United Nations Secretary-General Ban Ki-moon called on all parties to resolve the disputes in a "peaceful and amicable manner through dialogue and in conformity with international law."
China claims most of the energy-rich waters through which about $5 trillion in ship-borne trade passes every year.
Finding for the Philippines on a number of issues, the court said there was no legal basis for China to claim historic rights to resources within its so-called nine-dash line, which covers almost 90 percent of the South China Sea.
None of China's reefs and holdings in the Spratly Islands entitled it to a 200-mile exclusive economic zone, it added.
The judges acknowledged China's refusal to participate, but said they sought to take account of China's position from its statements and diplomatic correspondence.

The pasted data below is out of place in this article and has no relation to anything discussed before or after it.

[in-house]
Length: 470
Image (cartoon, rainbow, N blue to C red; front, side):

Taiwan, which maintains that the island it occupies, Itu Aba, is legally the only island among hundreds of reefs, shoals and atolls scattered across the seas, said it did not accept the ruling, which seriously impaired Taiwan's territorial rights in the 3.5 million sq km sea.
Fellow claimant Malaysia said it believed disputes could be resolved by diplomatic and legal processes.
A U.S. official who helps set the administration's Asia policies said that faced with the prospect of continuing Chinese assertiveness, it is important for countries in the region and for the United States to avoid provocative actions and leave the door open for Beijing to pursue peaceful solutions "and avoid making matters worse."
He also said, however, that the United States must honor its defense commitments in the Pacific and reassure the Philippines, Vietnam and China’s other neighbors that it would not abandon them or Obama’s pledge to devote more resources to Asian security.
(Additional reporting by Anthony Deutsch, Thomas Escritt in Amsterdam, Enrico Dela Cruz and Martin Petty in Manila, Megha Rajagopalan in Beijing, Tim Kelly in Tokyo, John Walcott, David Brunnstrom, Yara Bayoumy, Jeff Mason in Washington, JR Wu in Taipei and Greg Torode in Hong Kong; Editing and writing Lincoln Feast and Nick Macfie; Editing by Mike Collett-White and Grant McCool)